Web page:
Step 1: Assemble a few basic tools
Bring a flashlight, screwdriver, receptacle tester, binoculars and a small stepladder when you’re looking at homes to buy. Use these tools to spot costly problems.
When shopping for a new home, be sure to check over any likely candidate before making an offer. You’ll then avoid major, expensive “surprises” after you move in. In this article we’ll help you identify warning signs so you can plan for repairs, adjust your offering price or simply eliminate certain homes from consideration. Once you find a house or two that you’re definitely interested in, go back to them with the tools and tips shown here. And if you’re still interested, hire a professional inspector to more thoroughly examine the house.
Step 2: Visually examine walls and ceilings
Start by looking for discoloration on the walls and ceilings. Yellow spots indicate water damage. Large ones on the ceiling point to a leaky roof, or if they’re next to exterior walls, ice dams. Small water spots are probably leaking or sweating plumbing pipes—and can represent major hidden damage.
Black spots on the walls are usually mold. While mold can be treated and isn’t a reason to panic, the cause of the mold, excess moisture, can be difficult to fix. If the mold is in a bathroom, better ventilation may be the answer, but if it’s in the basement, the fix is usually much harder. If you spot basement mold, also look for efflorescence (powdery white deposits) along the foundation walls and concrete slab that result from water seepage. Spalling (corrosion) on concrete blocks in the crawl space or basement is another telltale sign of moisture coming in through the walls. So are bowed walls. In crawl spaces, look for mold and rotting wood on floor joists. A musty smell is also indicative of moisture problems.
Step 3: Assess the plumbing
To check for problems with water pressure and drain venting, turn on the water in the bathroom sink or tub, then flush the toilet. Look for a noticeable drop in water pressure and listen for gurgling noises in the pipes. Run water in each sink for two to three minutes to make sure the water drains nearly well enough to keep up with the flow. Also check the drainpipes in bathroom vanities and under the kitchen sink. Make sure each pipe goes into the wall. If it heads straight into the floor, that probably means the drain isn’t vented (and adding a vent is a big job, usually requiring a plumber).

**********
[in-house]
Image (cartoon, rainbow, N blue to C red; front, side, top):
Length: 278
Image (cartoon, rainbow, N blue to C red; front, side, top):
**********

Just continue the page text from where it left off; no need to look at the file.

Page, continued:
Step 4: Examine the windows and furnace
Examine the windows. Fogged windows will need to be replaced (and that’s not cheap!). Excessive condensation on the windows may be the result of a failed heat exchanger or an ailing furnace (although it could be other factors too). Unfortunately, humidity and temperature conditions might make condensation hard to spot, especially during the warm seasons. Still, check the age of the furnace and look for stickers that document routine service. Expect a well-maintained furnace to last 30 to 40 years. Otherwise, a 20- to 25-year life span is typical.
Step 5: Check electrical outlets and switches
Check a few electrical outlets with your receptacle tester to ensure they’re wired correctly. Brand new outlets sometimes mean the room was recently wired. Problems like reverse polarity suggest the work was done by the homeowner and not inspected.
Step 6: Inspect the exterior
Look at the shingles through binoculars. Age is not the best indicator of potential problems (some asphalt shingles last more than 30 years; some don’t last 10). Cupping, curling, cracking and rounded edges mean the shingles need to be replaced. While you’re outside, probe the deck and structural boards, especially near the ends where rot starts. Make sure the posts aren’t dislocated by frost heave and the beams and joists are in good shape. Look for flashing around the ledger board.
Finally, ask about the age of the septic tank (it may not be the same age as the house). If the tank is over 30 years old, it may be nearing the end of its life span.
But don’t trust your own inspection to be the final word. Hire a professional home inspector before putting down money. The $300 to $500 it’ll cost is well worth it.
Required Tools for this Project
Have the necessary tools for this DIY project lined up before you start—you’ll save time and frustration.
- Flat-head screwdriver